The upper limits for the amplitudes derived above are obtained by assuming a pure sinusoidal modulation, which is present along the whole observation. These statistical limits have been checked by simulated data in a fake observation. We used the V834 Cen observation, corresponding to one of the longest runs and highest counting rates, to test our upper limits. To the 0.1s light curve, we have added an artificial sinusoidal signal of increasing amplitude and determined the level at which a signal is detectable by eye in the FFT. We obtained an eye detection at a power level of ~2.4 for a relative amplitude of ~5%, in accordance with the 99% Pdetect level for this observation (see Table 1). This value is significantly lower than the rms upper limit of 9% given in Table 1 that takes the different corrective factors described above into account, and gives therefore a more conservative limit.

To give more realistic limits for broad QPOs, we also simulated a fake signal by adding the contribution of 101 sine curves with frequencies in the range [0.25–0.75 Hz] centred on 0.5 Hz with amplitudes distributed according to a 0.2 Hz FWHM Lorentzian curve, as typically observed for optical QPOs. The peak amplitude at which signal is detected by eye gives a stronger constraint than the pure sinusoidal modulation, corresponding to a relative amplitude value of ~2.5%. This is lower than in the pure sinusoidal case owing to the accumulative contribution of signals with frequencies spaced by 0.002 Hz into the finite width of the frequency bins 0.0097 Hz of the power spectrum. Thus the observed amplitude limits reported in Tables 1 and 3 are in fact overestimated for quasi-periodic oscillations.

5. Discussion

5.1. The QPO regime

The data presented here offer the first systematic search for fast quasi-periodic oscillations in the X-ray flux of polars in a significant and representative sample of polars. Though fast QPOs are predicted in theoretical models to develop under specific physical conditions in the accretion column, none are observed here from 24 different sources. An oscillating shock is so far the most promising process that can give birth to QPOs, and because a significant fraction of the gravitational energy, is released in the column in the X-ray range, significant QPOs are expected in X-rays. The absence of detectable QPOs in our XMM sample covering a wide range of system parameters allows to derive interesting constraints on the models.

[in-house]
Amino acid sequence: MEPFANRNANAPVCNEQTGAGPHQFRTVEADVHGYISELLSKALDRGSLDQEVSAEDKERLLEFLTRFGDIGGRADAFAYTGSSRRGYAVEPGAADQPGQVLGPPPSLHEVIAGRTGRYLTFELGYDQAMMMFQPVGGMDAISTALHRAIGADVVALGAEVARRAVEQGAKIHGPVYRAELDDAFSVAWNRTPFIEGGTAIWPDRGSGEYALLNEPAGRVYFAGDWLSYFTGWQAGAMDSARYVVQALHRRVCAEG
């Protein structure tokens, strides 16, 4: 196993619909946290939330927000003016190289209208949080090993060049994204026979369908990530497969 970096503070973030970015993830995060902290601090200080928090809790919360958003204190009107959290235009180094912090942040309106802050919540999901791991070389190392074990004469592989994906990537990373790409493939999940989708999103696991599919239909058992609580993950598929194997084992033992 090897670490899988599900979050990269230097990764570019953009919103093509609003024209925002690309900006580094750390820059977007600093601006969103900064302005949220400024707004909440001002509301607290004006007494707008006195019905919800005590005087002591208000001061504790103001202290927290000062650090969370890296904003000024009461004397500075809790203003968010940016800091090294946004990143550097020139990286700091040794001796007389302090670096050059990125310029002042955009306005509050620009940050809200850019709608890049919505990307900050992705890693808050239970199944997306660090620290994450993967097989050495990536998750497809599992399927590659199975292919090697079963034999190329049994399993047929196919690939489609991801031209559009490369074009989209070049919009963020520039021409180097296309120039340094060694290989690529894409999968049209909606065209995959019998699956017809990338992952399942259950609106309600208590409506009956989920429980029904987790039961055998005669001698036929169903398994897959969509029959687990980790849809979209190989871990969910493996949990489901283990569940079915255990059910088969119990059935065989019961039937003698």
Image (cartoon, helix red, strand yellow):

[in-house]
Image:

As underlined by different works (Lamb & Masters 1979; Saxton & Wu 1999; Mignone 2005; see Wu 2000 for a review), the stability of the accretion column in polars is mainly governed by the balance between the bremsstrahlung and the cyclotron cooling of the post-shock region. Numerical simulations (see Paper II) show that, when a significant fraction of the energy is released in cyclotron, the shock oscillations are strongly damped, suppressing the QPOs. A first order of the limit between the QPO and non-QPO regime can therefore be determined by examining the ratio of the bremsstrahlung to cyclotron cooling time ϵs = tbr/tcy at the shock. The condition ϵs ≪ 1 will indicate a bremsstrahlung dominated shock favouring QPOs, while ϵs> 1 indicates a cyclotron-dominated shock with an expected damping of the QPOs.

Following Saxton (1999), ϵs can be expressed as a function of relevant parameters of the system, Vff the free-fall velocity, ρ the flow density above the shock, B the magnetic field, and A the cylindrical column cross-section as (5)where A16 = A/ 1016 cm2, B7 = B/ 107 G, ρ8 = ρ/ 10-8 g cm-3, and V8 = Vff/ 108 cm s-1. Here a pure-hydrogen plasma is considered with a Gaunt factor of 1.0 and a typical ratio of electron and ion partial pressures of 1. Assuming the matter is captured far from the white dwarf, Vff can be expressed as (2GM/r)1/2 with ρ = (/A.Vff), yielding the dependency of ϵs on the system primary parameters: (6)where 16 = / 1016 g s-1, Mo = M/M, and R9 = R/ 109 cm with M and R the mass and radius of the white dwarf.

To insure a bremsstrahlung-dominated shock with significant QPOs will require ϵs< 1. Actually, simulations show that QPOs are already significantly damped at a lower value of ϵs< 0.5 (see Paper II). We note that the condition ϵs = tbr/tcy< 1 is set at the shock but as the cooling efficiency of the bremsstrahlung increases toward the white dwarf surface with respect to the cyclotron one (see Paper II), this insures that the condition is valid through the whole column. From this expression, it follows that QPOs are favoured primarily in the case of sources showing low B and high accretion rate, as well as for a small accretion column section and a low mass white dwarf.

The characteristics of the polar systems in our sample are given in Table 2. The estimated white dwarf masses and magnetic fields were taken from the recent review of polar physical parameters from the literature by Kalomeni (2012) and references therein. For the magnetic field, we selected the values derived from cyclotron features and checked with the reviews by Beuermann (1998) and Wickramasinghe & Ferrario (2000), allowing for a range in case of multiple poles. Values for V347 Pav and WW Hor are taken respectively from Potter et al. (2000) and Imamura et al. (2008).

The net accretion rate in polars, , is not known with accuracy, but a lower limit can be obtained by considering that the total X-ray luminosity corresponds to the gravitational energy of the accreted matter = 4πd2FxR/GM where d is the source distance and Fx the total X-ray flux so that